When you hear “cloud broker,” a few things might come to mind... A person/firm that sells shares in cloud companies? Or maybe some hipster selling condensed water vapor in a bottle...?

No, a cloud broker is MUCH more than that. The cloud broker is the reckoning call in the B2B landscape.

What is a Cloud Broker?

A cloud broker is any B2B organization that provides multiple cloud products/services to their business clients.

Ergo, a cloud broker either internally develops multiple cloud-based solutions to be bundled and sold to their business clients, or else they simply resell existing cloud solutions on the market.

What Industries do Cloud Brokers Belong to?

That’s a bit of a trick question. Cloud brokers transcend traditional industry boundaries. A cloud broker can arise from what was founded as a marketing agency, what was a telecommunications company, what was a tech company, what was a newspaper company, what was an IT company, etc. 

If you have a selling relationship with other businesses, then you are already halfway to becoming a cloud broker. The second half of the equation is as mentioned above; either developing necessary cloud technologies to sell, or by forming a vendor relationship with existing cloud entities.

Comporium Example:

AT&T competes with Verizon. The Wall Street Journal competes with USA Today. Or at least that’s how it used to be. Today, AT&T offers phone, internet, and TV to business clients. But other telecommunication companies have gone further. For example, Charlotte based Comporium offers their clients everything mentioned above plus security solutions, digital signage, cloud-based data storage, and a large suite of cloud-based digital marketing solutions. 

Comporium’s customers can skip their stop at the cable company, the security company, the marketing agency, and the traditional media company. Comporium has now stolen potential clients from the Wall Street Journal. Comporium now has stronger relationships with their clients than any of their competitors. That’s the power of the cloud broker.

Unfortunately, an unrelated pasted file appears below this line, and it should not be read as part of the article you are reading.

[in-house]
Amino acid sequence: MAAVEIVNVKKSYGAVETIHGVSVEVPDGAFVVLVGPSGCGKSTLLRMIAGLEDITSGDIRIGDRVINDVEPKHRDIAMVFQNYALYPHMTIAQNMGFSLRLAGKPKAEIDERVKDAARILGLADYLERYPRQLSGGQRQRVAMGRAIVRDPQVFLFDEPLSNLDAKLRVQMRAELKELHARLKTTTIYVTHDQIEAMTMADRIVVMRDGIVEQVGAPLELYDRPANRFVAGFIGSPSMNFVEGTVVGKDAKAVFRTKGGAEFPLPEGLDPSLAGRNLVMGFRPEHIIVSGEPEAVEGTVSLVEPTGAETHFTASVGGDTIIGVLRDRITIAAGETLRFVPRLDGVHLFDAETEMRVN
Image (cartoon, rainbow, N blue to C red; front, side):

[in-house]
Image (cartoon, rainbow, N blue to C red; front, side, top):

Check out the vehicle of Comporium’s rapid expansion and success in the cloud space.

What is the Opportunity in Becoming a Cloud Broker?

It’s the era of SaaS. With every passing year, SMBs (small-medium businesses) and enterprises continue to increase SaaS spend. In fact, according to the Google Accel Report, the combined SaaS spend is forecasted to hit 132 billion dollars by the dawn of 2020. This is the window for B2B businesses that evolve into cloud brokers.

cloud broker

It’s key to note that SMB SaaS spend is growing at 3x the velocity of those enterprise peers. This is because these businesses are gearing up for war with the big brands and recognize the need for tech as a means to keep pace.

The problem: ISVWorld estimates that there are 71,000 SaaS solutions available to local businesses. These solutions span a spectrum of industries that includes everything from sales, to engineering, to finance.

what is a cloud brokerBlissfully

These local businesses cannot easily differentiate solutions and don’t have the time to be managing payment to 15 different solution providers for 21 different products.

Local business desires are simple:

  • More solutions, fewer providers
  • Simplified payment, reduced costs
  • Guidance

Yet, these basic needs have gone unmet for years. This is driving local businesses to abandon their individual B2B providers and partner with an organization that can meet all of their needs. In fact, AppDirect’s Cloud Services Adoption Report suggests that 51% of SMBs already have.

The solution: A single service provider; a cloud broker.

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According to the 100,000 SMBs in our Churn Study, selling a single product to an SMB will prove a retention rate of only 30% over a 2 year span. Selling that SMB just 1 more product showed a 20% increase in retention rate, while selling an SMB 4 products shows a retention rate of 80%. This demonstrates the leverage of the cloud broker, and the trust that is created with the client.

Conclusion

It’s simple. The industry walls of the B2B landscape are coming crashing down. What if a single company stole business from marketing agencies, security companies, and telecommunication companies in one fell swoop? What if the Wall Street Journal had to square off against AT&T and ADT Security Services? This is the future of B2B.

Learn how you can become a cloud broker here.